The Trouble with Bliss Reviews
"The Trouble with Bliss" is a grown up coming of age story, nothing new storyline wise for sure, but this is odd, funny, not 100% coherent and logic, but yet mesmerising somehow. Michael C. Hallīs loser Morris ends up in maybe things and situations that I might not fully buy, but due to great acting from the ensemble it still works. The idea of being stuck in dreams/hopes and not being able to take action is something we all can relate to. We might need that little extra push from fate that puts us in the right direction like in Morris case and the catalyst in the shape of the cute Stephanie (a great and stunning Brie Larson). Maybe not a logic situation/storyline, but in Hollywood anything can happen. And the same goes for Morris interaction with his neighbor Andrea (Lucy Liu). But, the side story that makes no sense at all in my book is the one between NJ (Chris Messina) and Hattie Skunk/Hattie Rockworth (Sarah Shahi). Itīs just one big question mark for me, even if it was nice to see a radiant Sarah Shahi. "The Trouble with Bliss" stood out despite its flaws and it entertained me through the running time.
"The Trouble with Bliss" is a fine starting place with a cool cast that also includes Sarah Shahi and Lucy Liu, of which Peter Fonda and Brie Larson fare the best to nobody's surprise. And it's nice that it references Forbidden Planet(the store, not the movie) and Homage to Catalonia. But that's it. I mean, overall the movie is as listless and lacking in ambition as its title character and that's no fun at all for anybody.
This is a quirky little film, but I really enjoyed it. Story does go off a little at times, but it's mostly good with excellent cast and likeable or interesting characters.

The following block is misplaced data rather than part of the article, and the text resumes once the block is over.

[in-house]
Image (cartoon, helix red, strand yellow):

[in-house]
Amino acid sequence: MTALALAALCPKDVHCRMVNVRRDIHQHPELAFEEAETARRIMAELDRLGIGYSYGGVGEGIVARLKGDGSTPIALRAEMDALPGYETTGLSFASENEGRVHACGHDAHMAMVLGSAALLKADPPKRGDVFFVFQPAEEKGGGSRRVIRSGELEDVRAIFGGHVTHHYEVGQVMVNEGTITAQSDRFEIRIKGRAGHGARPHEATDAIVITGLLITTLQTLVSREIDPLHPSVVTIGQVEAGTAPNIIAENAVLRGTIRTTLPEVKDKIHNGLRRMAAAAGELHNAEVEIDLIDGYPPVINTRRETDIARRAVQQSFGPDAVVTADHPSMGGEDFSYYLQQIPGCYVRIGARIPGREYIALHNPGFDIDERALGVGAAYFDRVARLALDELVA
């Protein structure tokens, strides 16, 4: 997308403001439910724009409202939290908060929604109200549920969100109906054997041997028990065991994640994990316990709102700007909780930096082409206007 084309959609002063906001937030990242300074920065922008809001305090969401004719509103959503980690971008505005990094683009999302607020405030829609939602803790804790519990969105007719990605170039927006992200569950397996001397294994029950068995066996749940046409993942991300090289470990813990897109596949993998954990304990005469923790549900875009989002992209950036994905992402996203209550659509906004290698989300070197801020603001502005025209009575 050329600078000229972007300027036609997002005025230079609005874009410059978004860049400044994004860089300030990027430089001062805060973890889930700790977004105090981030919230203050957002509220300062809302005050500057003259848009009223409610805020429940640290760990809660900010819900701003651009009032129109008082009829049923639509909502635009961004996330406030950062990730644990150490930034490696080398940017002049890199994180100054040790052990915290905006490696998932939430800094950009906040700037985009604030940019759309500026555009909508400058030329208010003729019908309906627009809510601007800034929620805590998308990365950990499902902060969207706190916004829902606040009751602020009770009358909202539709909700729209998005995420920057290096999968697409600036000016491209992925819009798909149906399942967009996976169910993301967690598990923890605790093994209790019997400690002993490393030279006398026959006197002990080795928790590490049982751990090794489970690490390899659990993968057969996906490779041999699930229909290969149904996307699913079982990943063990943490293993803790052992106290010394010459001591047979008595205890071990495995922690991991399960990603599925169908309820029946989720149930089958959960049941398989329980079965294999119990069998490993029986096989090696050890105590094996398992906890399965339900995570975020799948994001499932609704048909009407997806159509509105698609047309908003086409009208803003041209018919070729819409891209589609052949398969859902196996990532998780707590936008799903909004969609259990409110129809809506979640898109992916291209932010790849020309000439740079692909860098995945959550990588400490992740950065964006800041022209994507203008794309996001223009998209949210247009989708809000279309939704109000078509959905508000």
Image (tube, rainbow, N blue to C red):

The Trouble With Bliss is an underrated story in that it's one of those works that isn't spoon-fed to viewers. Audiences think they know everything about Morris' blissfully (get the title now?) ignorant lifestyle through most of the movie. But it isn't until the story's end that viewers discover that instead of living in bliss, he has been living in denial all along. That denial is centered in his relationship-or lack thereof-with his father (played by Peter Fonda). He isn't stuck at home with his father. He has made the choice to live there. It can be argued in understanding this and looking back at the story that it is his mother not being there that has led Morris to be living with his father at thirty-five years old and dating an eighteen-year old. Having only had his father for parental guidance through his youth, that was all that Morris ever knew. So it became his comfort zone. Understanding this makes Morris something of an underdog type of figure; a sympathetic character so to speak. He becomes a figure that audiences might not have rooted for had they not had this knowledge. What really makes his an underdog figure in hindsight is why his mother is not in the picture. That reveal in the story's final minutes is perhaps the culmination of everything that audiences experienced leading up to that point.
Some audiences might ask if this is the case, why he started acting as an adult before that moment. The answer is that what happened as a result of his interactions with Stephanie and Andrea was just the catalyst that he had needed to start realizing and growing as a person. His whole life up until that point was ignorant bliss. Finally having been faced with a situation that forced him out of his comfort zone, it acted as a kick in the pants so to speak. That eventually lead to the deepest center of what had led to his first introduction to audiences. The result is that it leads to hindsight among audiences and in turn will lead them to see he's really quite the underdog character. And in understanding all of this one can only hope that those who criticized the movie will take all of this hindsight and give the movie a second chance and see it for the underrated and underappreciated work that it is.